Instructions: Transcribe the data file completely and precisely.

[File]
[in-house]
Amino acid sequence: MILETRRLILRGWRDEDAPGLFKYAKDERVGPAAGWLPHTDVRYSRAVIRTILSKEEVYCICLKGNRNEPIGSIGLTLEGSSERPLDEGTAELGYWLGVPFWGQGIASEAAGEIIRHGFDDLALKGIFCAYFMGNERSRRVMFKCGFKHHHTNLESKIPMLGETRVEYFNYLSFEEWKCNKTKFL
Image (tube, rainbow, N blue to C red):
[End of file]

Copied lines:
[in-house]
Amino acid sequence: MILETRRLILRGWRDEDAPGLFKYAKDERVGPAAGWLPHTDVRYSRAVIRTILSKEEVYCICLKGNRNEPIGSIGLTLEGSSERPLDEGTAELGYWLGVPFWGQGIASEAAGEIIRHGFDDLALKGIFCAYFMGNERSRRVMFKCGFKHHHTNLESKIPMLGETRVEYFNYLSFEEWKCNKTKFL
Image (tube, rainbow, N blue to C red):